More doors open for Caribbean as Gold Cup expands to 16 teams
THE CONCACAF Gold Cup – the official national team championship of North, Central America and the Caribbean – will expand to include 16 competing nations for the upcoming 2019 edition and beyond.
The Confederation is also exploring a pan-regional footprint for the 2019 Gold Cup, which would feature matches played outside the United States, including the possibility of matches in Central America and the Caribbean.
By adding more teams and exploring the possibility of new host nations, the historic 15th edition of the CONCACAF Gold Cup, in the summer of 2019, will set highs for a number of participating CONCACAF member associations, providing access to the highest level of international football for 16 teams and fans from a wider representation of the CONCACAF region, after the CONCACAF Council approves the initiative.
The qualifying process for the 16 teams who will participate in the 2019 Gold Cup will be fully revealed at the upcoming CONCACAF Nations League launch event on March 7 in Miami Beach.
“The expansion of the Gold Cup and the upcoming launch of the CONCACAF Nations League are key steps in delivering on the ONE CONCACAF Vision, to make the region’s most competitive football more accessible to more of our Confederation’s teams, players and fans,” said CONCACAF president Victor Montagliani.
“By widening access to these important tournaments for more of our member associations, we work towards our goal of ensuring that the football produced in the CONCACAF region is of the highest quality in the world.”
The biennial Gold Cup is the region’s top prize for national teams and for over 25 years has featured top quality stars and national teams from across North America, Central America and the Caribbean, as well as invited guests from South America, Asia and Africa.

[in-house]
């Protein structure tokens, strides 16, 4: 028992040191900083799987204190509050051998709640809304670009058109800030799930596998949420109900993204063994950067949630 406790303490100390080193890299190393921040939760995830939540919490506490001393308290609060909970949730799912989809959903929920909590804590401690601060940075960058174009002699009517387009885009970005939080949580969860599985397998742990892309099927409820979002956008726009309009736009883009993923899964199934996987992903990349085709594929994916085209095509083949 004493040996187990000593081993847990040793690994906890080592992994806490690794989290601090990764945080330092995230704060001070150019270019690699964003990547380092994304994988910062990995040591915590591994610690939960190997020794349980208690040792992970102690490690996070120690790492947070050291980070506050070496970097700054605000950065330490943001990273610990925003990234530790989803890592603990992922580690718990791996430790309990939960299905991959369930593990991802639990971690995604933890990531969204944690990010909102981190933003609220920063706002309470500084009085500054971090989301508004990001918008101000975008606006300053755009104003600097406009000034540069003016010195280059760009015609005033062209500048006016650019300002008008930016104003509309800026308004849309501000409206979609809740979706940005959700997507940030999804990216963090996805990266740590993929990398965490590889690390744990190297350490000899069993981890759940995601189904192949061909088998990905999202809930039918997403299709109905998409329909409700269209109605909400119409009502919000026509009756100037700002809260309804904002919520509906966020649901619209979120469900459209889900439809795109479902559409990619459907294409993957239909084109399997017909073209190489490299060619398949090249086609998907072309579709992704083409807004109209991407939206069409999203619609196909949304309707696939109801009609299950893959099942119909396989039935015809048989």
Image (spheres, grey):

The Gold Cup has provided some of the most memorable on-field soccer moments in the region, including numerous high-intensity finals between the U.S. and Mexico, outstanding performances over the years by Caribbean nations including Trinidad & Tobago and Jamaica, and deep runs by countries such as Honduras, Panama, Costa Rica and Canada, which, through strong Gold Cup performances through the decades, have taken their place among the region’s top national teams and earned worldwide recognition with qualification to FIFA World Cups. Panama, together with Costa Rica and Mexico, will represent CONCACAF in this summer’s 2018 FIFA World Cup for the first time in the nation’s history.
During the more than a quarter-century since the Gold Cup was first played in 1991, matches have been disputed in the U.S. every edition, as well as in Canada (2015) and Mexico (1993, 2003).
Next year, with matches involving more national teams to be played in multiple countries across the region, more teams and fans than ever will have the chance to experience the Gold Cup firsthand.
In exploring the taking of tournament matches outside of North America, the 2019 edition of the Gold Cup would fulfil a long-term aspiration for Central American and Caribbean member associations and fans to see the region’s championship on their home grounds.
The process and criteria for selection of host sites in the CONCACAF region will be outlined by CONCACAF in the coming months.
Taking place every two years, the CONCACAF Gold Cup has drawn large crowds and millions of television viewers from across the region. The CONCACAF Gold Cup will continue to be a celebration of soccer, sportsmanship, and culture.